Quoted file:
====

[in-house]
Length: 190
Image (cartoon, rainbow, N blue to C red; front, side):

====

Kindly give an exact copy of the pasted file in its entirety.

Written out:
[in-house]
Length: 190
Image (cartoon, rainbow, N blue to C red; front, side):